Learning Communities enable a diverse cohort of educators from across the university to dive deeply into an issue, challenge, or set of topics related to your professional careers. The time, space and resources encourage you to learn new ideas and strategies for application, promote your ongoing reflection, and provide you with opportunities to share insights – all within a community of dedicated colleagues. We offer a range of learning community themes that support educators striving to enhance their teaching effectiveness.
2017-18 Learning Communities
Getting A Good Launch for New(er) Faculty
Facilitator: Patrick O’Sullivan (CTLT)
Launching an academic career is exciting for all but is typically quite challenging for most – especially if you try to do it alone. You can accelerate your success with the support of CTLT and your peers by participating in a learning community specifically for early-career faculty. The purpose of this learning community is to support your journey toward “scholarly teaching” by exploring and applying research-informed best practices. It is designed for those relatively new to university teaching and will establish your foundation for ongoing growth and success.
Reinventing the Large Lecture
Facilitators: Patrick O'Sullivan (CTLT) and Solina Lindahl (ECON)
Large lectures present instructors with distinctive challenges when they strive to embrace active learning, student engagement, collaboration, and frequent feedback in support of student learning. This learning community is designed to support instructors facing the challenges of creating powerful “learn by doing” experiences in lecture hall settings. The purpose is to provide large lecture class instructors guidance, support and deliberate practice to improve their students’ learning. It will draw on materials and activities developed at UC Berkeley with the support of a National Science Foundation grant and deeply embedded in high-quality scholarship.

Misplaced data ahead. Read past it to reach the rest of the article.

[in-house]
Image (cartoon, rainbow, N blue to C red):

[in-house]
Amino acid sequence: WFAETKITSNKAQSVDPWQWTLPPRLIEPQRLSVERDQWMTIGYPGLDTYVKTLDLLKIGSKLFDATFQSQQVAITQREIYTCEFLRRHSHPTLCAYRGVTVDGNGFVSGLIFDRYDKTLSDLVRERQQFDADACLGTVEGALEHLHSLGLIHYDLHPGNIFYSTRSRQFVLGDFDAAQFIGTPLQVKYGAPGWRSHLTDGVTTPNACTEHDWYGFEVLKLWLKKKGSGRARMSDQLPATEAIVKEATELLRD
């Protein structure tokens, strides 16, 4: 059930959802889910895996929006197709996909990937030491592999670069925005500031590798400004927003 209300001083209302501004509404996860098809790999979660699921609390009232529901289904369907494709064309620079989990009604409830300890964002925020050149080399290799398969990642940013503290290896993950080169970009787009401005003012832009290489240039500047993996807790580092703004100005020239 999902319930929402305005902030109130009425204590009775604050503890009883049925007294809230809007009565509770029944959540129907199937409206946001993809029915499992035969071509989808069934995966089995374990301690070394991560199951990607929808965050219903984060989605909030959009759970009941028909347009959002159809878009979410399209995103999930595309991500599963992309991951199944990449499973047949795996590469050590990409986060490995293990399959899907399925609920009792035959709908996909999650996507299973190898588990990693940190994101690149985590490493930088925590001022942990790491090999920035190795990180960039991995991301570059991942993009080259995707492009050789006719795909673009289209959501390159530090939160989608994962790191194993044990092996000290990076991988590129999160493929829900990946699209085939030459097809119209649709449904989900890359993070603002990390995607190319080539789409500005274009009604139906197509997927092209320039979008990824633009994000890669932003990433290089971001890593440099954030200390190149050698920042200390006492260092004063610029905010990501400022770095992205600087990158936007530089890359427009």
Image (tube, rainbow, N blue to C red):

Teaching Today’s American Student
Facilitator: Joe Grimes (CTLT)
This is for educators who find it challenging to provide an effective learning experience for today’s students. It will be particularly well-suited for international faculty as well as anyone else seeking to connect better with American students. We will focus on achieving high success in student learning through activities based on community members’ needs. Numerous resources will be available and we will have the opportunity for classroom video observations, midterm chats with students, and individual consultations. Teaching will be central but we can also address other aspects of faculty life such as research, service, and life in the area.
Quality Online Teaching Academy (QOTA) (Full)
Facilitator: Catherine Hillman (CTLT)
Learning Communities Design
While the topics vary, all CTLT Learning Communities share the same purpose: to create new understandings and abilities to improve student learning. All Learning Communities also share the following features:
- Communities span the academic year (Fall, Winter and Spring Quarters)
- Limited size to promote engagement (i.e., 12-15 members maximum)
- 10-12 two-hour sessions over the year (typically on alternate Fridays)
- All Cal Poly instructors and staff (full and part-time) are eligible to apply for a LC. Because Learning Communities are sometimes offered concurrently, participation is limited to one LC at a time.
Learning Communities utilize a workshop format that places a premium on collegial inquiry, collaboration and sustained engagement. The following activities occur routinely:
- Discussing and critiquing relevant research literature
- Engaging in exercises and activities to unpack, analyze, critique and apply insights
- Developing, practicing, sharing, and assessing teaching materials that apply concepts and principles
- Reflecting to assess progress and to determine next steps
Documenting individual and group insights gained through the LC and sharing within the community with artifacts shared with the broader campus community
The most benefits to individuals and to the community accrue when participants attend regularly to engage in activities and collaborations with colleagues. Participants generate and share culminating artifacts that are designed to apply your new knowledge and perspectives and to document your progress and development in the Learning Community. Artifacts vary from community to community, and might include a portfolio of new or redesigned teaching materials, revised professional development plans, a series of blog posts for the CTLT website, or in some cases an article or conference paper. You are also encouraged to use your artifacts for your annual reviews and other promotion/tenure packets.
Stipends ($500) are available for successful completion of the learning community expectations (regular participation, delivery of culminating artifacts) as detailed in each syllabus. Eligibility for stipends is determined by university policies.